The promenade in the heart of pre-modern Barcelona was originally a watercourse, dry for most of the year, that separated the walled Ciutat Vella from the outlying Raval. In the 14th century, the city walls were extended and the arroyo was filled in, so it gradually became a thoroughfare where peddlers, farmers, and tradesmen hawked their wares. (The watercourse is still there, under the pavement. From time to time a torrential rain will fill it, and the water rises up through the drains.) The poet-playwright Federico García Lorca called this the only street in the world he wished would never end—and in a sense, it doesn’t.
Down the watercourse now flows a river of humanity, gathered here and there around the mimes, acrobats, jugglers, musicians, puppeteers, portrait artists, break dancers, rappers, and rockers competing for the crowd’s attention. Couples sit at café tables no bigger than tea trays while nimble-footed waiters dodge traffic, bringing food and drink from kitchens. With the din of taxis and motorbikes in the traffic lanes on either side of the promenade, the revelers and rubberneckers, and the Babel of languages, the scene is as animated at 3 am as it is at 3 pm.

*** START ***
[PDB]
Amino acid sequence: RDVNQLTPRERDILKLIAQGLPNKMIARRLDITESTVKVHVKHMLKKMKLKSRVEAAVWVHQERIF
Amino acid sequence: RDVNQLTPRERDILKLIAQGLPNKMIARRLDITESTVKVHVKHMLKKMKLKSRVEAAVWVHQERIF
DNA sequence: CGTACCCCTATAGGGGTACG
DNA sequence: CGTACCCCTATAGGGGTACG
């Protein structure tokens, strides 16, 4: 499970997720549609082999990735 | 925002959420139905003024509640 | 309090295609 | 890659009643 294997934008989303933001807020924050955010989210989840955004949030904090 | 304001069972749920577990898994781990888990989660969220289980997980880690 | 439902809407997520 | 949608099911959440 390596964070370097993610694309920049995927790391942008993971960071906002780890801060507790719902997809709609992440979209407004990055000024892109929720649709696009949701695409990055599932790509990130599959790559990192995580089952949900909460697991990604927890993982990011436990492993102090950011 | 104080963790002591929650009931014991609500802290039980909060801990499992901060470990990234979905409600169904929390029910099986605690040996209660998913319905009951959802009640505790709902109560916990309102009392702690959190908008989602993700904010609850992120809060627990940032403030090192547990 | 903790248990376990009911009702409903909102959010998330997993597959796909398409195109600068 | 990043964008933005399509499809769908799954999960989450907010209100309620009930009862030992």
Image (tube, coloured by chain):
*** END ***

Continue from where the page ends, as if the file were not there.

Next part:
From the rendezvous point at the head of La Rambla at Café Zurich to the Boqueria produce market, the Liceu opera house, or La Rambla’s lower reaches, there is something for everyone along this spinal column of Barcelona street life.
POINTS OF INTEREST
This traditional café and rendezvous point at the top of the Rambla, over the metro station, has an elegant, high-ceilinged…Learn More >
Both the fountain and the ceramic representation of Barcelona's second set of walls and the early Rambla are worth studying…Learn More >
The first palace to occupy this corner on La Rambla was built in 1702 and inhabited by the Marquès de…Learn More >